I have 3 office employees. In their contract, it is specified that their working days are from Monday to Saturday and that their Monthly Basic Salary is P15,000. Because of this stipulation in their contract, THEY automatically identified themselves as Monthly-Paid employees. I have read the Labor Code and looked at other labor-related websites. The typical definition of Monthly-Paid Employees is: those paid every day of the month INCLUDING unworked rest days, special days and regular holidays. This definition honestly does not provide a lot of helpful information.

Because my staff considered themselves as monthly-paid employees, they used 365 as the divisor in getting the rate to be used for OT, absences, leave credits, holiday pay and premium pay computation.

I never really bothered to review their payroll computation because in a way I trusted that they knew what they were doing. I just ordered them to follow the basic requirements of the labor code. One time, I decided to check their computation for the period of June 16 - 30. As we all know, June 30 was declared a Special Non-Working Holiday.

I am well aware that employees who worked on this day are given an additional 30% PREMIUM (assuming it is not their rest day). One of my employees did not go to work on this special non-working day. She did not deduct P493.15 ((P15000 x 12 months)/365 days) from her pay for this payroll period claiming that as a monthly-paid employee, all her UNWORKED holidays (regular AND special) are PAID.

I did not agree with her on this stating that under the Labor Code "The no-work, no-pay principle applies during special days." In addition, the Labor Code does not mention that monthly-paid employees are EXEMPT from this "no-work, no-pay" principle. The mere fact that the Labor Code does not specify the kind of pay that an employee should receive on an UNWORKED special day is already an indication that there is no pay to be received by an employee who does not go to work on a special day (as opposed to the pay an employee gets on an UNWORKED REGULAR holiday which is specifically called HOLIDAY PAY). This is just my own analysis.

Unfortunately, my employee does not want to agree with me by always pointing out the Labor Code's definition of monthly-paid employees.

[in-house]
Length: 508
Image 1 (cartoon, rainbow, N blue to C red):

So who is correct in this case? (I hope it's me.) If ever I prevail in this case, is the 365 factor still the correct divisor to use? My employees argue that if ever I am right, then their divisor should also be corrected. Using 365 as the divisor assumed that even the UNWORKED special days are paid. In my opinion, I would like to stick with the 365 divisor as this would also prevent us from always adjusting the divisor for new legal and special holidays that are proclaimed yearly. Is sticking with 365 as the factor legal? And kindly expound on what really is a monthly-paid employee. Avoid giving definitions already found in the labor code and other HR books because these definitions are not helpful at all. They are rather confusing. Kindly enlighten me. Thank you.

Ed Ebreo said...

@Johnd; your timing is impeccable because I just had a brief argument with a DOLE representative about your concern just a couple of days ago. Here's what I think based on my limited understanding of your situation:

There are two kinds of monthly paid employees, those who are paid for all the days of the year including rest days and holidays, hence the 365 days factor, the other type are those who are paid only for the days worked and the holidays (no-work-no-pay)who use the factors 263 for those who work five days a week and those who use 314 for 6 days a week. The fact that you are using 365 days as your factor, it means that you are not applying the no work, no pay policy because the 365 days factor means you pay them everyday of the year whether worked or not.